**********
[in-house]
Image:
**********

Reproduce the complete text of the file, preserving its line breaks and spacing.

[in-house]
Image: